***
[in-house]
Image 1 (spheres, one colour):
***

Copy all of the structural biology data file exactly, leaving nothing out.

[in-house]
Image 1 (spheres, one colour):